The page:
Guess Who's Coming to Dinner

David Schizer, Dean of Columbia Law School, just committed an emotional tort against me. I predict years of pain and suffering, for which I demand compensation.

I am, as you may know, doing Moot Court this semester. Minutes ago, I received the following terse e-mail from the Dean (judges omitted for maximum dramatic value):

"Please note that this year's Moot Court final arguments have been scheduled
for Monday, April 10. We are very pleased to have the following
distinguished judges on the panel:


The competition will take place in JGH 104 from 3 p.m. - 5 p.m. A
reception will immediately follow in Drapkin Lounge.

David Schizer"

I just turned in my Moot Court brief today. It's a matter of statutory interpretation that asks the judge to depart from the plain meaning of a statute (though not necessarily in an unreasonable way; I ask them to use a plausible reading, if not the most natural one). My argument comes largely from policy, custom, and legislative intent. We've been waiting for an announcement on when we'll be doing oral arguments, so it's not unreasonable to think this e-mail's about us. Odd to get this from the Dean, but whatever.

And here are the honorable judges who will be presiding over the moot court arguments, according to Dean Schizer:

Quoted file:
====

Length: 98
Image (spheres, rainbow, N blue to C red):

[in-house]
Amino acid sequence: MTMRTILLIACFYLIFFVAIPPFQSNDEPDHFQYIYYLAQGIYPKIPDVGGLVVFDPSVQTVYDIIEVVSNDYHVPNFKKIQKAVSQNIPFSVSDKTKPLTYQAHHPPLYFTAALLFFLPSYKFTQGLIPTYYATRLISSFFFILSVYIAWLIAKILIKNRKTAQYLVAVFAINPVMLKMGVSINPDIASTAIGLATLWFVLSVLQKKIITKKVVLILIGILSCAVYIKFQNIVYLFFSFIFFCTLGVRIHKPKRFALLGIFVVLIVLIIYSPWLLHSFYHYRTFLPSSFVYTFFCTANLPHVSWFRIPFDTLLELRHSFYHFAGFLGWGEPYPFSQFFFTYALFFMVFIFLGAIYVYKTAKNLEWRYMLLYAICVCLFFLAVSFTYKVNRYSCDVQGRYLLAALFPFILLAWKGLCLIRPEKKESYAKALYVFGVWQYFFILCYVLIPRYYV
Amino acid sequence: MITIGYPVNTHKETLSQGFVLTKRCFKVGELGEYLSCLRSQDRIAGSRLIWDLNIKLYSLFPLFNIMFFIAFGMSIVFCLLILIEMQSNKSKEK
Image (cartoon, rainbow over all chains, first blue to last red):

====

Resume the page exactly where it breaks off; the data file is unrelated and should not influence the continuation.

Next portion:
Judge Edith B. Clement, a George W. Bush appointee to the Fifth Circuit Court of Appeals in Louisiana.

Judge Pierre N. Leval, a Clinton appointee to the Second Circuit Court of Appeals in New York City

Justice Antonin Scalia, of the U.S. Supreme Court.

As you might imagine, my heart stopped. My first ever oral argument before the meanest and toughest questioner on the Supreme Court, arguing a case in which I'm arguing for everything he's against.

Needless to say, Dean Schizer's e-mail excluded vital information (as his e-mails tend to). This the final argument for the optional upper-division Honors Moot Court program, which makes sense.

Nonetheless, that won't stop me from having years of nightmares about being a first year law student making an oral argument that I haven't prepared arguing for a policy-based departure from a statute's text before Antonin Scalia. In my underwear.

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This page contains a single entry by Zach published on February 6, 2006 3:32 PM.

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